For this week the Weekly Photo Challenge theme is good old H2O. As a landscape photographer water is the prevailing theme in many of my photographs. When looking through my photos trying to decide which photos to include in this post it appears that roughly three quarters of my photos contain water in one form or another.
Here are a few wet examples, followed by a few tips for making your own watery photos.
Tips for photographing the wet stuff.
1 ~ First and foremost, use a good quality circular polarizing filter, or CPL. If you only ever buy one filter make sure the CPL is it. It’s the one filter that cannot be duplicated digitally. They’re great for reducing or eliminating unwanted glare and reflections from wet rocks, leaves, and the surface of the water, thus allowing you to see through the surface of the water to what’s on the bottom.
2 ~ Don’t be afraid of a little rain. Most camera, whether they are listed as “weather sealed” or not are quite capable of withstanding a sprinkle or two. I always carry a small pack towel in my camera bag on the days I venture out when theres wain in the forecast.
Speaking of towels, dab don’t wipe the water off of your camera. Wiping could force the water into places that won’t make the camera happy.
3 ~ If it’s raining out use a lens hood to help keep raindrops from landing on the front element of your lens. Even when using a lens hood you should check the front element often and carry a clean microfiber lens cloth to wipe away any raindrops.
4 ~ When photographing water in its frozen form be sure to acclimate your camera slowly when you bring it inside after being out in the cold. The condensation that can form on, even worse in your camera again won’t make your camera very happy. I use two methods to deal with this. One is to put your camera in a large ziplock bag. Force as much air as possible out of the bag before sealing it. This way condensation will form on the outside of the bag, not your camera. The second is to simply put your camera in your camera bag and close it up, this is the method I use most. The padding on the camera bags act as insulation allowing the camera to slowly acclimate. Of course take your memory card out before hand so you do’t have to wait to upload your masterpieces.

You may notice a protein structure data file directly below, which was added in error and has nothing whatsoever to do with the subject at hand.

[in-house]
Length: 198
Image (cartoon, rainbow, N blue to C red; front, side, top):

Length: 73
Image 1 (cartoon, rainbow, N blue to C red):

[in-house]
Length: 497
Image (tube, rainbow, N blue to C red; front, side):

Note: Tip #4 also applies to taking your camera from an air conditioned space out into hot humid weather.
Capture Autumn In New Hampshire.
Due to last years overwhelming demand I will be leading two Fall Foliage Workshops this year in the beautiful picturesque White Mountains of New Hampshire, home of some of the most spectacular scenery and “leaf peeping” to be found anywhere.
This year the workshops will be held the weekend of September 30th – October 2nd and again the following weekend, October 7th – 9th.
What’s In Store.
During each of these 2+ day workshops we will travel the White Mountains and north country of New Hampshire in search of the best fall color and scenic views. From waterfalls bordered by the reds, yellows, and golds of a New Hampshire autumn, to scenic mountain vistas overlooking remote mountain ponds, you’re sure to come away with many colorful autumn images.
Friday evening there is a short meet and greet and if time allows we’ll get out and get some photos! But not too late as we will have two very full days of photography ahead of us on Saturday and Sunday.
Saturday morning we will start out before sunrise in order to capture the best morning light. After each mornings shoot we will return to the White Mountain Hostel were we will have an image review and post processing session, going over the mornings photos. After the image review session there will be a couple of hour mid day break to relax, recharge, and get a bite to eat. Then we will meet at the prescribed time for the afternoon/evenings shoot.